Lauren: It’s like Punk’d, for the younger generation!
Karyn: Yes. It was very, very funny at the time. Now we look at it and think, oh, that's kind of slow. But at the time …. hysterical!
So he watched funny videos that Allen Funt would bring him, and found that 10 to 20 minutes of belly laughter would bring him two hours of pain-free sleep. And he continued this, and over time, his counts dropped, the inflammation in his body dropped. He reduced his pain; he got better and better until he actually cured himself of the disease.
And then wrote a book about it, Anatomy of an Illness. And years later, went on to repeat his self-experiment with a book called The Healing Heart — when he suffered a very serious heart attack and the doctors said, “Your heart's never really going to fully recover, and you'll always be an invalid.” Given the same process, he showed them! His landmark book, I think though, is a book that he went on to write years after that, which really is such a foundational piece in the field of psychoneuroimmunology. And that book is just filled with lots and lots of information — at a consumer’s level, at a lay person’s level — on how to experience improved health. By doing things that, particularly at that time, and even now, are considered alternative, hopefully more complementary, but means of dealing with and treating an illness. And so all that to say that at the time, it was something that was very different. People started asking me to share my findings. Oh, my gosh, I was so excited. I was all ready to share it, my first academic presentation about the P value of less than 0.05!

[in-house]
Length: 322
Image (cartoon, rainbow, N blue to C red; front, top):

I discovered that people thought I was funny. Who knew?
So I started getting the request more and more, and it was kind of snowballing. So I had to make a decision: Am I going to continue to teach at a college, or am I going to speak? And knowing nothing about being self-employed … do not try this at home! … I just quit my job, and said, ‘I'll do this for a year. If it works, I'll do it for another year. And if it doesn't work, I'll go back.’ And that was 28 years ago. This has taken me around the planet. And I have worked with children, I have worked with adults, I've worked with the elderly, I've worked with healthy people, I've worked with unhealthy people.
I've worked with rocket scientists, literally, at NASA, showing them that humor is not rocket science! I have worked with financial planners, I've worked with CEOs and presidents; and I've worked with housekeepers, and maintenance men. The beautiful thing about this is that it's applicable to all people, all ages.